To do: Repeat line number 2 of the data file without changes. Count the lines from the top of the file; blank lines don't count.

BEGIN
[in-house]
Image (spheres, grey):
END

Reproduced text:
Image (spheres, grey):